GRIFFITH: And we'll do a deep dive into two immigrant communities that have settled in Queens - how they got here, what they brought with them, and what they make of their new home's old problems.

MOHAMED Q AMIN: I think my first experience of school was actually bullying.

ELENA AMINOVA: I actually felt lucky to be in a country where I didn't feel like I was bullied against because I came from a country where I felt that I was.

MANASHE KHAIMOV: Now we're coming all the way down to America. And now we have to identify by white, by Black, by person of color, anything like that. And that's just - it's an American phenomenon.

AMIN: And I'm like, no, I'm not Indian. I'm Caribbean. And she said, well, we'll check Asian. I said, no, I'm not Asian.

ARAUJO: I looked like I was Latino, right? And I think looking like that also made me a target for the NYPD. Actually, I don't think that. I know that wholeheartedly.

AMINOVA: I wanted to be in a diverse setting because this is what the world that we live in. New York City is the melting pot.

AMIN: A melting pot of homophobia and racism that's bubbling. This pot is bubbling.

GRIFFITH: Welcome back to School Colors.


AVERY R YOUNG: (Singing) I would do it for myself, but I can't.

JELANI COBB: So I think that Queens is underappreciated in terms of its significance to American society.

GRIFFITH: Jelani Cobb is a staff writer for The New Yorker. He grew up in Jamaica, Queens.

COBB: Queens has a larger number of languages spoken than any other county in the United States. And to the extent that we represent a nation composed of nations, Queens represents that. You know, the immigration history of Queens mirrors, you know, the development and the diversification of the United States.

FREEDMAN: The immigration history of the U.S. is long, complicated and often ugly. The wave of immigration that Americans most often romanticize was between roughly 1880 and 1920. During that time, more than 20 million people came here, many of them from Eastern and Southern Europe, including most of my own great grandparents.

GRIFFITH: But it was at the dawn of this same era that the first law was passed to explicitly exclude one group of people simply because of where they were from - the Chinese Exclusion Act of 1882.

FREEDMAN: Then the door was slammed shut to almost everyone else in 1924. That's when the Johnson-Reed Act set strict national quotas. In effect, that meant 70% of all visas were reserved for immigrants from just three countries - Great Britain, Ireland and Germany. Countries in Asia and Africa were shut out entirely.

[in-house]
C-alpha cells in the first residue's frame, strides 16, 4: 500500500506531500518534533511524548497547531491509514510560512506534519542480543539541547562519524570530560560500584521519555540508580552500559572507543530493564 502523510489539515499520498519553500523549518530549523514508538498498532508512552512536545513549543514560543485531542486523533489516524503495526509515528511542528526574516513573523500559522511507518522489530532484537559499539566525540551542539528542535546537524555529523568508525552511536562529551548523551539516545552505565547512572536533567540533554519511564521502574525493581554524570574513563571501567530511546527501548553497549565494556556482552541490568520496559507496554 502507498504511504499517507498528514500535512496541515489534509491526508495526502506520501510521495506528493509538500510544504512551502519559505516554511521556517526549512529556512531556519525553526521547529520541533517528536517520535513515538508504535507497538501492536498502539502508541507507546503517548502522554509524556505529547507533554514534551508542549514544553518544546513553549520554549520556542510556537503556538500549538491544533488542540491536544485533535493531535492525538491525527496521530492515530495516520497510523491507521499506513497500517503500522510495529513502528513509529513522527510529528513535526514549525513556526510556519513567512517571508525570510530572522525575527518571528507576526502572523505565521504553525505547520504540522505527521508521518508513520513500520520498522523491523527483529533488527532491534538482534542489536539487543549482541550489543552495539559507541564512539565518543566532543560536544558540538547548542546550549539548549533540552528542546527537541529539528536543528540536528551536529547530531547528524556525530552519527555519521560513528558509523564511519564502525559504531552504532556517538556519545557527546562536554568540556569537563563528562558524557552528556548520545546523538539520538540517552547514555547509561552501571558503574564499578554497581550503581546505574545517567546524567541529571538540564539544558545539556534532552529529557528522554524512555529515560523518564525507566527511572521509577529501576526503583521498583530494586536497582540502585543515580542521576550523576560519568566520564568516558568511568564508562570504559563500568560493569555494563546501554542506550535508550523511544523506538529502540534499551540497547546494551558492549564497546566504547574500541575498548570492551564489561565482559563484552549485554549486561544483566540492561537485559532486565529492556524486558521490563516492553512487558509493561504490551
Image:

GRIFFITH: The pendulum swung back in the other direction in 1965 with the Hart-Celler Act.

COBB: You know, the significance of that act was that it allowed people from places that previously would not have been allowed to come here or would have had a very difficult time coming here - allowed those people to have free access to immigration.

FREEDMAN: In the 50 years after the Hart-Celler Act, the foreign-born population of the United States more than quadrupled. Most of these new immigrants came from Asia, Africa, Latin America and the Caribbean. When you add up all the people who have come here since 1965 plus their children and grandchildren, you get 72 million Americans.

COBB: You know, maybe it's because there's the international airport there. You know, JFK is in Queens and LaGuardia Airport is in Queens as well. But Queens was one of the first places that those communities began to take root.

GRIFFITH: After 1965, with the influx of immigrants from the nonwhite world, America increasingly no longer fit the Black-white binary. That didn't mean our racial problems were solved. Jeff Chang is a journalist and cultural critic. His most recent book is "We Gon' Be Alright: Notes On Race And Resegregation."

JEFF CHANG: It's an incredible paradox, right? On the one hand, we have a nation that's moving headlong into being a nation, literally, of minorities. And yet at the same time, when we look at the data for who's in what schools, we're confronted with the fact that we've only moved backwards since the 1980s and the 1990s.

GRIFFITH: Here's the thing - the 1965 Immigration Act was passed around the same time as a lot of other important civil rights legislation, like the Civil Rights Act, the Voting Rights Act and the Fair Housing Act. So at the same time all these new immigrants were streaming in, many Americans really wanted to believe that all these laws meant the gains of the civil rights era were complete and racism was solved. And the increasing diversity of the country, in fact, the word diversity itself, became a tool to push that narrative. That story starts in 1978 with the landmark Supreme Court decision in Bakke v. University of California Regents.